Tiffany Chow

Tiffany Chow

Director, New Partnerships


Roadtrip Nation

Milestones

Milestones

My road in life took a while to figure out.
Knew I liked being a part of something bigger than myself and traveling, but no clue otherwise.
Took some time to figure it out, and saved a ton of money, by going to community college first.
Chose to study international relations, thinking I could combine my interests by working for the UN.
Learned through college, grad school, living in DC that I didn't want to work for a big bureaucracy.
Fell into a job in space policy, working for a small cause-oriented foundation.
Loved traveling the world, evangelizing the foundation's mission and fostering cooperation.
Wanted to move back to the West Coast, had to choose between space sector or something cause-related
Decided to support a cause I believed in & use my relationship-management skills at Roadtrip Nation.
Keep following my journey
Education

Education

highschool
High School
undergrad
Bachelor
European Studies/Civilization & Political Science
University of California-Los Angeles
graduate
Graduate
International Relations and Affairs
Johns Hopkins University
Career

Career

Director, New Partnerships

I help build partnerships that support the career exploration mission of Roadtrip Nation.

Career Roadmap

Roadmap
My work combines:
My work combines:
Non-Profit Organizations
Non-Profit Organizations
Business
Business
Upholding a Cause and Belief
Upholding a Cause and Belief

Day to Day

Half the time, I get to travel around the country attending conferences, evangelizing the Roadtrip Nation mission, building new relationships, and visiting potential partners. The rest of the time, I work with a broader team to architect new partnerships, discussing what the projects could include, and coordinating them with our active projects/partnerships. I also oversee the creation of concept and proposal materials, and stay in touch via phone calls with our potential new partners.

Skills & Qualities Beyond School

On the job exposure to grant- or proposal-writing is very helpful just to understand the process. Basic administrative experience, such as how to schedule calendar meetings, participate in team meetings, manage time, and prioritize a variety of tasks, as well as prepare written communications (proposals or emails), is definitely necessary.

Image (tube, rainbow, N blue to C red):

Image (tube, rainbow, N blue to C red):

Advice for Getting Started

Here's the first step for professionals

The work I do requires skills that can be developed in a lot of different, seemingly unrelated places. The ability to article and advocate for a cause, forging and maintaining relationships, persuading people to work together on a common project, facilitating team buy-in - these skills are all necessary for business development and strategic partnership work, but can be acquired and honed in a variety of ways. The key is translating your prior experience into a business development role.

Recommended Education

My career is not related to what I studied. I'd recommend this path instead:

undergrad
Bachelor
Business Administration and Management, General
graduate
Graduate
Business Administration and Management, General
Hurdles

Hurdles

The Noise I Shed

From Myself:

"Business development is basically sales, and sales is for pushy/greedy/skeezy people."

I had a very unfair and negative perception of business development and sales. When people were telling me I'd be good at it, I really resisted. It was a great learning experience realizing that business development for a cause is just about advocacy, thinking strategically, and building relationships with people who also believe in the same mission.